“Petitioner has moved to dismiss those charges, arguing that the Double Jeopardy Clause bars his pending federal prosecution on the theory that Texas has already ‘punish[ed]” him for the same underlying conduct by subjecting him to allegedly onerous conditions of pretrial release on state charges that Texas has since dismissed.’”
Wills previously made an argument similar to that of Terence Gamble in a petition to the U.S. Fifth Circuit Court of Appeals, but lost.
“Should be held pending decision in Gamble”
Continued Francisco, “The court of appeals affirmed the denial of petitioner [Wills]’s motion to dismiss based solely on the long-held understanding that the Double Jeopardy Clause does not prohibit successive prosecutions by separate sovereign governments.”
However, advised Francisco, “Because the Court’s decision in Gamble may affect the proper disposition of [Wills’ appeal], the petition in this case should be held pending the decision in Gamble and then disposed of as appropriate in light of that decision.”
Francisco, a 2018 Trump appointee, was confirmed by the U.S. Senate in a vote along partisan lines, 50-47. He was previously best known for defending former Virginia Governor Bob McDonnell, a Republican, in a 2016 case in which the U.S. Supreme Court threw out McDonnell’s multiple convictions for alleged bribery.
Even if the U.S. Supreme Court overturns Gamble, Wills’ petition for the federal charges against him to be dismissed would incorporate a novel legal theory which might not be favored by the courts––if Francisco does not dismiss the Wills case first.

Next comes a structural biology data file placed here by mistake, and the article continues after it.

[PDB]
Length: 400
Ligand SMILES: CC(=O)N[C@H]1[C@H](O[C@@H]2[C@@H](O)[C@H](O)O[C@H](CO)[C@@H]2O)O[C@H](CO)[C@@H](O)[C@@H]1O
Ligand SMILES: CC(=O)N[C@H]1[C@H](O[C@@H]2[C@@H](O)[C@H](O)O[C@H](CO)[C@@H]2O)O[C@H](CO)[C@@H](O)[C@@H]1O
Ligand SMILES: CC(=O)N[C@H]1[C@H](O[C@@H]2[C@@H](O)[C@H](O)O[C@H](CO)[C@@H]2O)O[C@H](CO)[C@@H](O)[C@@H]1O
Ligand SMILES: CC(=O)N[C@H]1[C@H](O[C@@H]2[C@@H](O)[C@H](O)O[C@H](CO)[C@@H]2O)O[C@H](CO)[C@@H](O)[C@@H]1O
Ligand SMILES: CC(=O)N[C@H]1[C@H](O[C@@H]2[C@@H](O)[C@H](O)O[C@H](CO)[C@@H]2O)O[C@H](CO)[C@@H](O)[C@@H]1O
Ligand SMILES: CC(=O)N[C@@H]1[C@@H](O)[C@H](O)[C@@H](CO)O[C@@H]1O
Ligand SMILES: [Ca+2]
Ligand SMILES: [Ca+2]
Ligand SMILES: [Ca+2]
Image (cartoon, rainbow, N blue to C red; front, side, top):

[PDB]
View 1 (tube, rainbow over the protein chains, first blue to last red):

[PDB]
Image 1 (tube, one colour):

In the Gamble case, Gamble was tried, convicted and punished both by the state of Alabama and the U.S. federal government. Wills has not yet been tried at either the state or the federal level.
The Wills petition argues that pretrial custody amounts to the same thing as having been tried and convicted.
There is some precedent for such a ruling, in cases where individuals have been held in pretrial custody for an excessive length of time, through no fault of that person’s own.
This, however, is why the writ of habeas corpus exists: to order the speedy trial or release of defendants.
In Wills’ case, the chief reason for repeated delays of trial has been his own defense team’s strategy.
Wills was formerly president of the Nashua Humane Society, the Michigan Humane Society, and the National Society for Animal Protection. Wills later was vice president for investigations at the Humane Society of the United States.
Wills left each position amid allegations of misuse of funds.
Previous allegations of sexual misconduct arose at the Nashua Humane Society and the Humane Society of the U.S., but did not result in criminal charges.
The case against Wills for “continuous sexual abuse of a child” and “continuous trafficking of a child” originated when Wills was arrested in Rockport, Texas, on April 13, 2015. The warrant alleged offenses in Cameron County, Texas, that were said to have occurred between July 2012 and November 2013.
Parallel charges against Wills were filed later in 2015 in Nueces and San Patricio counties, also in Texas, alleging offenses involving the same parties said to have occurred between November 2013 and December 2014.
All of the state charges were eventually dropped, making way for prosecution of the federal indictment issued on June 29, 2017, which carries a greater likelihood that Wills, 66, will spend the rest of his life in prison if convicted.
Co-defendant pleaded guilty
Arrested in Corpus Christi, Texas, five days after the indictment was issued, Wills “was permitted release upon posting a $5 million bond,” U.S. district court spokesperson Angela Dodge told ANIMALS 24-7.
Wills’ co-defendant, Maria Candelaria Losoya, 57, of Brownsville, Texas, pleaded guilty on August 2, 2017 to one federal count of trafficking a minor for sexual purposes, but has yet to be sentenced.
The apparent plea bargain settlement of the case against Losoya suggests that she is expected to testify against Wills. This could significantly increase the likelihood that Wills will be convicted, and upon conviction, receive a maximum sentence.
Victim was Losoya’s daughter